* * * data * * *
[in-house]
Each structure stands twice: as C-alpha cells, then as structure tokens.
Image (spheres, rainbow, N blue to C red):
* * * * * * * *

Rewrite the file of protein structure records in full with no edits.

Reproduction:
[in-house]
Each structure stands twice: as C-alpha cells, then as structure tokens.
Image (spheres, rainbow, N blue to C red):